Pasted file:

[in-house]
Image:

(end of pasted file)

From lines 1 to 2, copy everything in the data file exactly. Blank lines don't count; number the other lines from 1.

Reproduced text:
[in-house]
Image: